BOSTON, Jan. 6 (UPI) -- Material scientists at MIT have developed a super strong but lightweight material by fusing graphene flakes into a porous, 3D form.
In its 2D form, graphene is one of the strongest materials yet tested, but researchers have struggled to maintain graphene's physical qualities in 3D form. A team of researchers at MIT found a way around the problem.
When compressed in the lab using heat and pressure, graphene flakes fuse into a unique geometrical configuration similar to the structural form of coral. The results -- detailed in the journal Science Advances -- suggest other 2D materials can be converted into 3D forms in a similar way.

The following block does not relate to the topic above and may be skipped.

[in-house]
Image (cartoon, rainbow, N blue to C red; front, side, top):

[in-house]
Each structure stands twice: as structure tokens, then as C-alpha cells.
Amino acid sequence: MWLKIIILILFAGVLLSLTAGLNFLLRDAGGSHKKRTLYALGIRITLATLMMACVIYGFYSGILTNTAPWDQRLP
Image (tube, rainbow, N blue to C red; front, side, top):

Researches used their new method to develop a variety of forms, varying the heat, pressure and starting material to yield different results.
"One of our samples has 5 percent the density of steel, but 10 times the strength," research scientist Zhao Qin told MIT News.
Computer models allowed scientists to study each material's structural form and simulate its response to loading. The findings suggest a 3D material's tensile and compressive properties are dependent on the geometry of its structure, not the strength of the 2D material from which it is derived.
"You could either use the real graphene material or use the geometry we discovered with other materials, like polymers or metals," explained Markus Buehler, the head of MIT's Department of Civil and Environmental Engineering. "You can replace the material itself with anything. The geometry is the dominant factor. It's something that has the potential to transfer to many things."